The Doctor’s Advocate | Third Quarter 2013
The Doctors Company’s Ohio Physician Advisory Board recently convened in Columbus. Present were physicians from various specialties, including cardiology, internal medicine, neurology, ob/gyn, pathology, primary care, and pulmonology. A local defense attorney and representatives from The Doctors Company also contributed to the meeting.
Rich Cahill, vice president and associate general counsel, led discussions about statements of compassion and condolence and about the use of physician extenders.
The discussions began with an outline of adverse event disclosure and the potential ramifications of nondisclosure. The group reviewed recent data covering the evolving physician-patient relationship, physician perceptions and patient expectations, and state and federal laws.
We also learned about a 10-point Harvard University program that includes steps for acknowledging the event, expressing regret, investigating and identifying the cause, implementing changes to prevent reoccurrence, and providing emotional support. We ended this discussion with a review of the Ohio apology statute.
The group also discussed the rapidly growing use of physician extenders (PEs) and how the use of PEs will likely expand even further with the implementation of the Affordable Care Act. We examined data for physician assistants and registered nurse practitioners in Ohio and concluded our discussion with a list of recommendations to reduce the potential risks of using PEs.
Attorney Doug Leak of the defense firm Roetzel & Andress led a discussion on closed claims that focused on a claim involving a patient who was injured in a surgical fire. The plaintiff’s attorney made a public showing of the patient’s injuries, and the insured’s practice suffered as a result. A lower court found in favor of the plaintiff, with punitive damages also awarded. On the advice of The Doctors Company’s claims team, the insured appealed the case and won. The case has created a precedent in state law that will affect future legal decisions.
Marcus Tower, MD, is an ob/gyn at Hillcrest Hospital in Mayfield Heights, Ohio, and chairs The Doctors Company’s Ohio Physician Advisory Board. Dr. Tower is currently Hillcrest’s medical director of care management and director of the hospital’s Gynecology Division. He is also past president of the hospital’s medical staff. Dr. Tower is a graduate of the Indiana University School of Medicine.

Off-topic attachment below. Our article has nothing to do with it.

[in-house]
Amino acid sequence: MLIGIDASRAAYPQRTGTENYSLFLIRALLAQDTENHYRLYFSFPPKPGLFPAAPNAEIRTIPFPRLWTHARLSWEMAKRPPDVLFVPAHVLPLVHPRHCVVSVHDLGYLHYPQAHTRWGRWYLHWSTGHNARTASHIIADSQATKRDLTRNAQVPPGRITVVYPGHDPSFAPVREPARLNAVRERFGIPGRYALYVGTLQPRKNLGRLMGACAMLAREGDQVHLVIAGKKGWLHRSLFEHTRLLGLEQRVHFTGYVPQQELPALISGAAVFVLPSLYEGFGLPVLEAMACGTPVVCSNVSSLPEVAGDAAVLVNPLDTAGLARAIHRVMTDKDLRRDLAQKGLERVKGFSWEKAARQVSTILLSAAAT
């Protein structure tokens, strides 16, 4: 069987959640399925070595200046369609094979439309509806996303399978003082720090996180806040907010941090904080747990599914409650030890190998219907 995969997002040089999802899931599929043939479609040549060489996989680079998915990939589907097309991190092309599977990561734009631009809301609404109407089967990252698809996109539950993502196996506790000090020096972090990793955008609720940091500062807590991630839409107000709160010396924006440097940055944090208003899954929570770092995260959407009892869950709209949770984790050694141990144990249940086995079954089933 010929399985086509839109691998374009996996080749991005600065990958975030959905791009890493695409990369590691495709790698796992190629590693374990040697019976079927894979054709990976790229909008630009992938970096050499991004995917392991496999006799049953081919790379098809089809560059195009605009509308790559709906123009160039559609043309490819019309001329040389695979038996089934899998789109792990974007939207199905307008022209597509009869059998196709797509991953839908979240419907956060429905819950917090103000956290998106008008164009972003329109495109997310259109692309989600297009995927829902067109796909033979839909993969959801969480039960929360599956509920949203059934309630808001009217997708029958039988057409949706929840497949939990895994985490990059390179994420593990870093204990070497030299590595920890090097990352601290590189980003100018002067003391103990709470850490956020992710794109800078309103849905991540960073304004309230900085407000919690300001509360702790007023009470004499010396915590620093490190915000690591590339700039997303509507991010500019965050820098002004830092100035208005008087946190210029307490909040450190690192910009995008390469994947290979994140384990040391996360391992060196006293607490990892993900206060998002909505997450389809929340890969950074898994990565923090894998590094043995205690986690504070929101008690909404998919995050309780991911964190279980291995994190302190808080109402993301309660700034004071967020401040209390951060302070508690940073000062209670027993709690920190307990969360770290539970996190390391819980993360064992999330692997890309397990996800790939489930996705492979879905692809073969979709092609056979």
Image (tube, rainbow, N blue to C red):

The Doctor’s Advocate is published by The Doctors Company to advise and inform its members about loss prevention and insurance issues.
The guidelines suggested in this newsletter are not rules, do not constitute legal advice, and do not ensure a successful outcome. They attempt to define principles of practice for providing appropriate care. The principles are not inclusive of all proper methods of care nor exclusive of other methods reasonably directed at obtaining the same results.
The ultimate decision regarding the appropriateness of any treatment must be made by each healthcare provider in light of all circumstances prevailing in the individual situation and in accordance with the laws of the jurisdiction in which the care is rendered.
The Doctor’s Advocate is published quarterly by Corporate Communications, The Doctors Company. Letters and articles, to be edited and published at the editor’s discretion, are welcome. The views expressed are those of the letter writer and do not necessarily reflect the opinion or official policy of The Doctors Company. Please sign your letters, and address them to the editor.
Third Quarter 2013
A Perfect Storm
An Ounce of Prevention
The Rising Tide: Perils of Opioid Use
Consumer Attorneys of California Attack MICRA
Ohio Physician Advisory Board Update
The Foundation News
Young Physicians Receive Prestigious Patient Safety Award
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